My Goodreads Bookshelf!

This Is How You Lose Her
And the Mountains Echoed
Backseat Saints
The Valley of Amazement
Reading Like a Writer: A Guide for People Who Love Books and for Those Who Want to Write Them
How I Write: The Secret Lives of Authors
The Secret Miracle: The Novelist's Handbook
The Memoir Project: A Thoroughly Non-Standardized Text for Writing & Life
Julie of the Wolves
Signs & Wonders
From Clueless to Class Act: Manners for the Modern Woman
Kitchen Privileges: A Memoir
Teacher Man
The Bridges of Madison County
Land of a Thousand Hills: My Life in Rwanda
Shadow Tag
Paul Strand: Masters of Photography Series
Fat Chance
Giving up America
The Darwin Awards: Evolution in Action

readinginspanglish's favorite books »

Reading in Spanglish

Sep 2011

Weekend Roundup

posted in: Weekend Roundup

Happy Quinces, Latina! :: by – I’m a long-time subscriber to Latina magazine. To celebrate their quinceañera, you don’t have to sit through an agonizingly long choreographed dance – instead, go check out the webpage they’ve created to honor 15 years!

Hispanic Heritage Month 2011 Recommended Reading List :: by the Florida Department of Education – A comprehensive list of Latino literature organized by age groups.

DC Comics creating Latino heroes in new comics :: via – Latin@ fanboys, rejoice! A superhero that resembles you is coming to DC comics! My question is, will they just “look” Latino or will they also be culturally Latino?

PBS Programs celebrate Hispanic Heritage Month :: via pbs – I love PBS! Unfortunately, my local station doesn’t air too many programs featuring Latinos – I’m assuming there’s just not as much of an audience in Alabama?  Check and see if any programs are playing on your location stations!

no comments

Sep 2011

Website: Mamiverse

posted in: Websites

Looking for a website that focuses on motherhood, fashion, finance, and more – from a Latina perspective? Look no further than Mamiverse!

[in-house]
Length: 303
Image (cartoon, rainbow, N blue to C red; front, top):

I just found this gem of a website, and I have to say, wow! I love reading Latina magazine because they cover a wide array of topics related to Latinas – and I also read several other fashion and parenting magazines and websites for news, views, and most importantly, style tips. With Mamiverse, I get all of the topics that interest me – from a Latina perspective – in one place.


Mamiverse is divided into four main topics: health, money, school and style. The website already features hot writer Alisa Valdes (author of The Dirty Girls Social Club) and big names like Carmen Wong Ulrich, whom I recognize for her financial advice on The Today Show. You can get a dash of celebrity, with features about Daisy Fuentes of Jennifer Lopez, but also a series titled Daughters We Love, featuring innovative women. Other articles range from technology to bilingual issues and everything in between.


The website’s design is bright and attractive yet simple to navigate. Readers can sign up for a recipe newsletter, or join clubMami to network with other readers. Advertising is unobtrusive and relatable (i.e., no ads promising a way to earn $50,000 a day working from home!).


The founder of Mamiverse is Rene Alegria, founder of Rayo, a HarperCollins imprint that specializes in publishing for the Hispanic market. You can see a list of the imprint’s children’s books here.


Sep 2011

Book Review: Dancing with Butterflies

posted in: Authors, books

Ballet Folklorico de Mexico

Back when my mom was a kid, learning ballet folklórico was practically mandatory. Unfortunately, it was something I didn’t learn, but have always admired. As a special outing near my birthday last year, my husband took me to see the Ballet Folklórico de México at a performance they did with our local Community Ballet Association. We – and other brave audience members – drove through a severe ice storm to see the show, and it was worth it. The show was breathtaking, and included wonderful mariachis and grand costumes, all of which I didn’t expect.


Reyna Grande brings readers into the world of a folklórico dance troupe, weaving the stories of four women, Yesenia, Elena, Adriana, and Soledad. Yesenia, the founder of dance group Alegría, faces demons of middle age and a long marriage. Elena, a teacher, finds her life turned upside down after the loss of her pregnancy. Adriana, Elena’s sister, rebels against a rough childhood through loose relationships with hard men and distancing herself from Elena. Soledad is an illegal immigrant who finds her dream of becoming a costume designer may be dashed forever. The story is told alternating between each woman’s point of view; their lives at first tangent circles that slowly begin to overlap.


What I really liked about this book is that it tells FRESH stories about four women. Void of cliché character development, Grande presents a nuanced vision of the lives of women without judging, preaching, or stereotyping. The reader of this book will come away with not only stories about individuals but stories about relationships. Each woman faces her own challenges in her romantic relationships, but they also face challenges as sisters and friends. In the end, Grande shows us that friendships are always what we come back to after facing life’s challenges.

no comments
Page 13 of 14« First...«1011121314»

Copyright 2011.